In recent years declines in Great White Sharks have been documented. Recent claims that Great White Sharks have disappeared from South Africa due to Orca Whales are inaccurate for two reasons: 1) Great white sharks have only disappeared in the False Bay region and whilst declines in numbers have been documented elsewhere, Gansbaai and Mossel Bay still have regular sightings, and 2) Orca whales cannot be held accountable for the disappearance of Great White Sharks in False Bay, or accountable for the decline in numbers documented throughout South Africa.
What do we know?
In False Bay, there is no evidence to date that Orca whales have predated on Great White Sharks in the area. There have been several recorded predations of Orca Whales on Sevengill sharks but none have been documented on Great White Sharks. The predations on Great White Sharks by Orca Whales were documented in the Gansbaai area several times throughout 2017. The two Orca Whales who had a taste for sharks were given the name ‘Port’ and ‘Starboard’ due to their flopped over fins. As a result of these predations, Great White Sharks disappeared from the area for varying periods of time throughout the year. However, since 2017 Port and Starboard have rarely been spotted and there has been no evidence of further predations after that year. Yet, the numbers of white sharks in the area have declined and continue to decline. Whilst many want to blame this on the Orcas Whales, this is in fact a decline that has been documented since 2012. Dr. Sara Andreotti from the University of Stellenbosch released figures indicating a population estimate of 353 to 522 individuals, based on data from 2009-2012. Dr. Andreotti released these results in 2016 and expressed concerns about the species’ extinction risk. As other scientists questioned her results, it has unfortunately meant that the last few years have been wasted in terms of making a concerted effort and drastic changes to save the few individuals that do remain.
Many of those scientists now agree that the number of Great white sharks could be at a critically low level in South Africa and that we need to do something before it is too late. Blaming the orca whales for this decline is only hiding what the real issues are. The decline in Great White sharks is actually unsurprisingly due to anthropogenic activities. Although the Great White Shark is protected in South Africa and has been since 1991, the population has not increased, it has in fact decreased. This is because whilst the species is protected, it’s environment and it’s food is not.
Threats to Great White Sharks
Beach nets and drum-lines have shown to be a huge problem in South Africa, with a number of Great White Sharks being caught in the beach nets over the years. One article reports that up to 1000 Great White Sharks were caught on the Kwazulu Natal beach nets between 1997 and 2007. Another article states more recent figures of an average of 30 Great White sharks per year. If we consider that in 2012 we perhaps only had a maximum of 522 individuals left, even 30 a year is a huge amount.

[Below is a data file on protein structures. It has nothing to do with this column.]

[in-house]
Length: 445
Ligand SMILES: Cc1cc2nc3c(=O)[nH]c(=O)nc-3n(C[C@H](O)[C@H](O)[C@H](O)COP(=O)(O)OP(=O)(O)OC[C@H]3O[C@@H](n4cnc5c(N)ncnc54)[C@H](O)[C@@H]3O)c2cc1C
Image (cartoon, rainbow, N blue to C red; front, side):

Commercial shark long-lining is also thought to be a significant threat to the Great White shark population. With fish populations declining, it seems that the fishing industry has been targeting sharks more and more. Long-lining permits given out by South African’s Department of Forestry and Fisheries, allows these long-liners to specifically target sharks. Along with a decline in Great White Sharks, declines in other species have also been observed. The number of Smoothound and Soupfin sharks in the Gansbaai area has decreased as observed bycatch rates, and these species are thought to be of vital importance in terms of Great White shark prey. Furthermore, it is also likely that Great White Sharks will be caught as by-catch by these long-liners. An anonymous observer on one long-lining boat stated that two Great White sharks were unfortunately caught as by-catch on one trip.
Environmental change and pollution will also have an impact on Great White sharks. Being coastal predators they often roam inshore and will thus be affected by both habitat destruction and pollution.
These are the issues that are impacting our Great White sharks. Whilst Orca Whales can evidently impact the presence of these sharks as seen in Gansbaai in 2017, they cannot be held accountable for the decline in numbers, which has actually been documented since 2012 – before the Orca Whales started to predate on the sharks.
Great White Sharks in Gansbaai
Since 2017 when the Orca predations occurred, Great White sharks have returned to the Gansbaai region. Due to declining numbers, there are times throughout the year when Great White sharks are not present in the bay, but other times of the year there are still great sightings. The last two occasions the Great white sharks left the area was not a result of Orca Whales. It is actually natural for individuals to move in and out of the area, as there is no resident population of Great white sharks in Gansbaai.